As I’ve alluded to previously, I left my career as a political aid at the end of the Canadian federal election in October 2019. Without being sure of what would come next, I knew that I needed to rest, to grieve, and to heal.
I knew, too, that I craved community – something that seems pretty difficult to achieve for an introvert with trust and self-worth issues, who no longer had her workplace community to rely on. Let alone trying to navigate all those barriers during a pandemic.
Without a work from home or young family, or a pet in need of care to regulate me, maintaining any kind of schedule or plan, or even a plan to devise a plan, felt next to impossible. The energy expended on sourcing pantry items, cleanser, hand sanitizer, masks, bringing an adult child home from university for an unknown duration, and learning to navigate my physical space now that it was shared with two others full time took all my energy and left me exhausted.
I’m told dysregulation is a natural response to the trauma of the times we’re living in. I have natural response by the boatloads.
Finding community is pretty much impossible given all that.
Or so one would think.
With so many people now relying on e-commerce, inventory systems, tracking systems, and delivery systems are so overloaded that an item commonly delivered within a couple of days is now taking weeks.
It took ten weeks and 4 online orders (3 of them cancelled because the online inventory that said the product was available was not up to date) to source a second office chair for our downstairs office that would enable my stepson to finish his university assignments and use the computer in comfort, to finally be available for curbside pickup. Three days before he returned to Montreal.
It is, at least, a lovely chair.
This week, it feels like all my online order ships are coming in at once, like an old-fashioned Christmas with the doorbell ringing constantly and being presented with packages. Two by Purolator with art supplies, one by Canpar fulfilling an order I made an unbelievable five weeks ago, one by UPS from Australia that came in a record week when domestic mail on that continent is taking over a month, and another by Canada Post Priority Mail.
And all that by mid-week.
In addition to those expected deliveries, I received an envelope this afternoon that was unexpected. Well, not quite unexpected. I had been told it was on the way five weeks ago and forgotten. It was this small and precious gift that made me realize community had come to me.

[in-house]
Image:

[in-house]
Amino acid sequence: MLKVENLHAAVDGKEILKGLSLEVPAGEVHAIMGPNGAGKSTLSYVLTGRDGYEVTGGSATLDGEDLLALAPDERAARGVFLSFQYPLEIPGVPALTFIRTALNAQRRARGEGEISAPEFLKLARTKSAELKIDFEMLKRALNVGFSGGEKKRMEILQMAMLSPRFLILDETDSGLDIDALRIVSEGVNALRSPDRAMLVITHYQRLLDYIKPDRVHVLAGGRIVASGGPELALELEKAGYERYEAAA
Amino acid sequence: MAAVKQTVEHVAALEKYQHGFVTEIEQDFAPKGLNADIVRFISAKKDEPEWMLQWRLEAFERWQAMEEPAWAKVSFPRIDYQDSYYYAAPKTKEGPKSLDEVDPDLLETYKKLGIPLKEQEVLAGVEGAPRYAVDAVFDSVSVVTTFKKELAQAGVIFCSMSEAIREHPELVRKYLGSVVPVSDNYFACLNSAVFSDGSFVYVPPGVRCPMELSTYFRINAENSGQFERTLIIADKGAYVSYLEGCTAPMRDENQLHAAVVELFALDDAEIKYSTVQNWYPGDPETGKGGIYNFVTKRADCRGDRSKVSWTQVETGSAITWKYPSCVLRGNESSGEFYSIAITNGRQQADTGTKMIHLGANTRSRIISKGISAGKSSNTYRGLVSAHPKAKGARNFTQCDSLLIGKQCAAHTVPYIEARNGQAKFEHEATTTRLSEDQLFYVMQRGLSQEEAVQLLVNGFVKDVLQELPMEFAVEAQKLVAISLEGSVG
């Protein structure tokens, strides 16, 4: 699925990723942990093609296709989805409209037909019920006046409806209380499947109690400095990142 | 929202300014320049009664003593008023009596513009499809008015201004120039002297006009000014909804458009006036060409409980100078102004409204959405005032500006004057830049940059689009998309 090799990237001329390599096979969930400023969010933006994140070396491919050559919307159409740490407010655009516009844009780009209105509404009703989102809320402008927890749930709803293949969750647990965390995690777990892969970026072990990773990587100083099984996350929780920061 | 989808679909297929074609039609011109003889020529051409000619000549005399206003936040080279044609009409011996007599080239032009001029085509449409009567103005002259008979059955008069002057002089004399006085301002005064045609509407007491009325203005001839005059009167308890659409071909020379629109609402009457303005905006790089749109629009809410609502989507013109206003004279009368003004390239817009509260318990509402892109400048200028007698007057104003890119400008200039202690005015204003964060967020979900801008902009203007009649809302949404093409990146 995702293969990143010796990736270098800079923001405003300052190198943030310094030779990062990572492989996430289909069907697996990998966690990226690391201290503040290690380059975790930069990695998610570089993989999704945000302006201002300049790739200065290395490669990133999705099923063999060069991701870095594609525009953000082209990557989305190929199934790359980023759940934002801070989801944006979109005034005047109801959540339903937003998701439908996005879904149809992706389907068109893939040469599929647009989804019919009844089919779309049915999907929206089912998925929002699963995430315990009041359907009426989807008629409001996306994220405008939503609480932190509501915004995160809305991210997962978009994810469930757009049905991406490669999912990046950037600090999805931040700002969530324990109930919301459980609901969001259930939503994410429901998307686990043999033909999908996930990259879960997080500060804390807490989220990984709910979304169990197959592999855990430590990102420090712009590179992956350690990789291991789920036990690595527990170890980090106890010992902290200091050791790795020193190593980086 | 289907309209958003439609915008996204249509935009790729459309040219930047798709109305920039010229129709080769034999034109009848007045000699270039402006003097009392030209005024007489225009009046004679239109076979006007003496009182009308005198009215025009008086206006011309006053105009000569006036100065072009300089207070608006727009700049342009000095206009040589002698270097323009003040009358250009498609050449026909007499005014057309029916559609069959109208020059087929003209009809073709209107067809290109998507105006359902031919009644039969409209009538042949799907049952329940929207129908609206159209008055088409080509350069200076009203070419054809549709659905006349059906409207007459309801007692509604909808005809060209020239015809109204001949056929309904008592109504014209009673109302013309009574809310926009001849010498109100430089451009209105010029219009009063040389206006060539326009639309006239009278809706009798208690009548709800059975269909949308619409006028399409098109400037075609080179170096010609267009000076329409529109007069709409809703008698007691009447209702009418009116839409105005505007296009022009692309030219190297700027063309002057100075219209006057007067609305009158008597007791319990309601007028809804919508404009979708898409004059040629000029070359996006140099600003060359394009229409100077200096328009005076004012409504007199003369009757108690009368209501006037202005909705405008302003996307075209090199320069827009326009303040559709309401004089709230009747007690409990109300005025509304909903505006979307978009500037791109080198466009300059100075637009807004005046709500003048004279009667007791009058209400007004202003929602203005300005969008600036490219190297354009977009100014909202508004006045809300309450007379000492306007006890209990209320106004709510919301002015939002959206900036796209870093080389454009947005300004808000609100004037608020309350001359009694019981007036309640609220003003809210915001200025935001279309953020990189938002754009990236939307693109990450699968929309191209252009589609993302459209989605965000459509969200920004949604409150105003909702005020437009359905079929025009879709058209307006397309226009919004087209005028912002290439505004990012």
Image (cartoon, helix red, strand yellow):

Prior to the pandemic stay at home, on one of our regular forays to the lovely town of Almonte, Ontario and a stop at Mill Street Books, one of our favourite independents. It’s a rare visit that doesn’t have us leaving with at least a couple of books and/or pieces of vinyl to spin. On that day, I picked up Draw Breath: the Art of Breathing by Tom Granger.
In early April, lockdown in full swing, I posted an Instragram story about the book and sent Tom a message saying how much I appreciated it, and later, a congratulations on the book winning the Nautilus Book Award for innovation and creativity. Tom sent a note thanking me for my support and asking for my address so he could send a little gift to thank me for my encouragement. (see photo above)
I am touched by the personal interactions that happen on Instagram. It has become one of my communities. It allows me to stay in touch with people I have met and worked with on soul goals, people I have only met virtually, and people like Tom, with whom I share something in common.
Instagram has become a community for me.
And it’s not the only one.
The pandemic inspired the smartest and most innovative of entrepreneurs to pivot and provide services online, many of them generously free of charge.
It was as if the universe was dropping breadcrumbs for me to follow the path to my dreams, or at least to discovering what those dreams might be.
And in the process I’ve discovered an amazing community of feminist badasses who recognize that the institutions of capitalism, patriarchy, colonialism, and systemic racism do not serve us, and who strive in diverse and creative ways to propose alternatives and to support each other on the journey.
Community comes in the places you least expect it.
I have been welcomed, challenged, invited, called in to these communities, to learn, to explore, to share my experiences and to grow, in creativity, in solidarity and in hope.
Here are some of my favourites, including amazing humans I follow on Instagram who have inspired, entertained, challenged, and taught me so much:
Not bad for an introvert who had trust and self-worth issues who no longer has her workplace community to rely on, let alone trying to navigate all those barriers during a pandemic, eh?
Mind you, I still crave community with skin on. I live in hope of returning to that soon. But now community with skin on has so much more potential than I had first imagined.
From unexpected places.